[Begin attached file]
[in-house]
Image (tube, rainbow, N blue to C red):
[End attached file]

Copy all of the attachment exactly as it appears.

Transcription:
[in-house]
Image (tube, rainbow, N blue to C red):